EHR Usability is a very important aspect influencing the utility of, and adoption of, Electronic Health Records (EHR). The use of EHR systems is moving out of the “early adopters” phase, and is reaching the tipping point where it is becoming mainstream. More often than not, some form of Health IT is being used in medical offices and hospitals across the U.S.
With this rapidly increasing adoption, partly spurred by federal efforts (Meaningful Use) and partly from encouragement from all sectors such as specialty societies, licensing agencies and health plans, experience with how effective (or ineffective) EHRs are in the practice of medicine will increase dramatically. This is a two-edged sword.
EHRs that are designed well can improve healthcare processes and outcomes, and increase patient safety. However, there are also reports in the early literature that show unexpected worsening of healthcare delivery with increased patient harm caused by EHR implementation. Clearly, EHR usability that affects patient safety is critically important.
The NIST weighs in
Numerous national bodies have looked at the question of EHR usability with respect to its impact on safety. The Institute of Medicine (IOM) issued a report on EHR safety, and proposed a way to approach this question (see the IOM report here). The FDA has recognized usability and interface design for medical devices as being an important element of device safety, and has issued guidelines as well (see the FDA guidelines here).
The National Institute of Standards and Technology (NIST), which is the organization that detailed the EHR Certification criteria for Meaningful Use, had issued a Guide to the Process Approach for Improving the Usability of EHRs in November 2012, which described an internal method for EHR vendors to approach product design. At the risk of getting too “inside baseball” on this, the product management approach was more consistent with the Agile approach, rather than the traditional Waterfall approach, stressing nimble, iterative product development cycles stemming from user workflow stories.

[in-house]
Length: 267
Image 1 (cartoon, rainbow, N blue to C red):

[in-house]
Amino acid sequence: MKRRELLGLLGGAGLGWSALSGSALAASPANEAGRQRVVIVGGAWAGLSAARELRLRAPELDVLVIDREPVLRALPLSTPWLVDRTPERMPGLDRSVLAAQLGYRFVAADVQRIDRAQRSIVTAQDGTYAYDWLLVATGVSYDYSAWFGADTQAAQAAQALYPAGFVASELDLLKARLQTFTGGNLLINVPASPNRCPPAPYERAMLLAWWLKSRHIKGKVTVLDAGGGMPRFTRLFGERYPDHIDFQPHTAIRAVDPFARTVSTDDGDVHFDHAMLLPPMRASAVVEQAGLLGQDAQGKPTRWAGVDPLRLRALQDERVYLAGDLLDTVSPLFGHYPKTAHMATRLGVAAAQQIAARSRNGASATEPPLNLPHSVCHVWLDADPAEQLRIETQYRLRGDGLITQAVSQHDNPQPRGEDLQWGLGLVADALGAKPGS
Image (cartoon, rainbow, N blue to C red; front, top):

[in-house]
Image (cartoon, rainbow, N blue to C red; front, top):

More recently, on March 20, 2012, NIST came out with a more comprehensive guideline document for EHR usability assessment. The NIST guidelines are an important step in setting a framework for vendors to assess their products. The guideline document can be seen here, and should be a must-read for every EHR vendor in the marketplace.
The NIST guideline describes an EHR Usability Protocol (EUP) which focuses on usability affecting safety. It does not attempt to create any kind of ease-of-use scoring system (sort of like a “rotten tomatoes” assessment of movies, but for EHRs) – instead, it creates a process for EHR vendors to look at the kinds of “human errors” that users make when they use the EHR in defined settings.
What will be the impact of the NIST guidelines?
The NIST guidelines describe a process for EHR vendors to implement when creating or updating their systems. The Stage 2 Meaningful Use final rules are not yet published (expected this summer), but it would not be surprising to see some form of “usability” testing be part of the new Stage 2 Certification criteria for vendors.
Should it be the same for ambulatory EHR vendors and hospital systems? Hospital systems are large and complex, and have been the primary source for anecdotes of poor usability has impacted patient safety. They are already have an established install base – the EUP appears to be most applicable to systems still in the development shop, and not so much for systems already out in the field.